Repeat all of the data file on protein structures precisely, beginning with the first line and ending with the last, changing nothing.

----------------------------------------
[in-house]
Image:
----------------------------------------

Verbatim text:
[in-house]
Image: